Like tafamidis, these drugs are unable to reverse the disease, but they may slow its progression and reduce the damage that will be done as a result. These drugs include Inotersen or Tegsedi.
3. Medications that help with relieving symptoms caused by ATTR-cm
These drugs help with alleviating the symptoms caused by the disease, but they do not affect treating the primary condition. These include the following:
- Antiarrhythmics — these help in regulating heartbeats
- Anticoagulants — these help with preventing coagulation and blood clotting
- Diuretics — these help in reducing built-up fluid and swelling
- Pacemakers — these are not medications, but they are small devices that are installed in the heart to help in monitoring and regulate heartbeats
4. Organ transplantation procedures
These are usually done in the very late stages of the disease when the deposited amyloid proteins have accumulated extensively causing irreversible damage to organs and leading to organ failure.
In this procedure, the damaged organ is replaced by another, depending on the affected organ it can be the heart, the liver, or the kidneys.
However, Dr. Weintrub says “it becomes more difficult to enroll someone in a heart transplant that has multi-organ diseases because the heart transplant surgeon has to then be certain that if a transplant the heart, that I’m not gonna run into difficulties with the other organ systems”
A review study published in the Journal of Clinical Medicine in 2022, concluded that among all the treatment options available for ATTR-cm, Tafamidis (brand name)Vyndamax is considered the current standard of care. The authors add “Patients with contraindications to tafamidis or who have no insurance coverage may benefit from green tea or the off-label use of diflunisal or tolcapone.”
Nevertheless, you shouldn’t take any medications or dietary supplements before consulting your healthcare provider first so that they can recommend the best treatment option suitable for you.
Getting Help With ATTR-cm
Living with transthyretin amyloid cardiomyopathy can be very challenging as it takes a toll on both your physical and mental health. So, we here at SurvivorNet recommend these resources to help you through this journey and learn more about your condition.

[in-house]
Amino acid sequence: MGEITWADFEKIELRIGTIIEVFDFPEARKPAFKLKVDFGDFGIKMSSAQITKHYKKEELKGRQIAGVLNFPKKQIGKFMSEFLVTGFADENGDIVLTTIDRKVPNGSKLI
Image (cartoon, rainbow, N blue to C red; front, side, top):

Moreover, your mental health plays an important role in your recovery, so, you can seek the support and help you need from family members, and loved ones, or join a support group for ATTR-cm.
Similarly, the American Heart Association offers a support network to connect with other ATTR-cm patients, benefit from their experience, and help others as well. Additionally, you can check on these patients and learn about their journey as well.
Talk with your doctor about the best treatment options available and share any concerns you might have. Whether this is hereditary or wild-type ATTR-cm, seeking support is one of the best ways to improve your treatment outcome.
The Bottom Line
While living with transthyretin amyloid cardiomyopathy can be incredibly challenging —especially since there isn’t a cure for it yet— we take solace in the fact that there are a lot of treatment options available to manage the disease and help in alleviating the symptoms.
On the positive side, ATTR-cm has gained a lot of recognition in these past few years by healthcare providers, and they started noticing red flags with patients which have significantly reduced the percentage of cases that previously went misdiagnosed.
Moreover, there have been several research efforts put into more clinical studies to discover new treatments able to effectively cure ATTR-cm and improve the quality of life for its patients.
Questions to Ask Your Doctor
- Which type of transthyretin amyloid cardiomyopathy (ATTR-cm) do I have?
- What are the symptoms associated with this disease?
- What are the treatment options available for ATTR-cm?
- What are the side effects associated with each treatment?
- What are the disease complications and how can I avoid them?
- Will I need organ transplantation at any point during my disease?
- How can I improve my life expectancy?
- Are there any clinical trials suitable for me?
- Where can I contact other patients with ATTR-cm that are going through the same thing I’m going through?